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Thursday, April 20, 2017

Ps. 121, 123-125, 128-130

The selections will get choppy as we attempt to maintain the chronological approach to reading the Scriptures.  I'll be reading Second Samuel, Psalms and First Chronicles.  All deal with King David's reign.  Based on a briefing reading of the New Interpreter's Bible Introduction to Psalms, it appears that it was written generally at the same time as the Deuteronomic and Priestly selections of the Old Testament, around the time of the exile (590 BCE - 530 BCE -ish) 

Each of the Psalms in today's reading is short.  Psalm 121 is directed to the reader, not God, and encourages faith in God.  There is a real mix of lamentation and praise.  So, Psalm 123, 129, and 130 talk about oppression and suffering.  Psalm 124, on the other hand, claims that but for God's intervention, we'd all be doomed.  And then Psalm 128 is almost straight up prosperity gospel about how great God is to the righteous.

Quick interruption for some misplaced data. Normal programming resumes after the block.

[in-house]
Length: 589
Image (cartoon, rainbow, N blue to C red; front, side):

Psalm 130 is my favorite because of its hopefulness.
A song of ascents.

1 Out of the depths I cry to you, Lord;
2 Lord, hear my voice.
Let your ears be attentive
to my cry for mercy.

3 If you, Lord, kept a record of sins,
Lord, who could stand?
4 But with you there is forgiveness,
so that we can, with reverence, serve you.

5 I wait for the Lord, my whole being waits,
and in his word I put my hope.
6 I wait for the Lord
more than watchmen wait for the morning,
more than watchmen wait for the morning.

7 Israel, put your hope in the Lord,
for with the Lord is unfailing love
and with him is full redemption.
8 He himself will redeem Israel
from all their sins.
The Psalms are also so much more individual focused than what we've read so far in the Old Testament.  And this bit about forgiveness of sins, of "my" sins, seems downright New Testament.  And of course, the New Testament didn't come out of nowhere, right?  Obviously its claims have to be rooted in the belief system of first century Jews, which in turn are rooted in the works I'm reading now.

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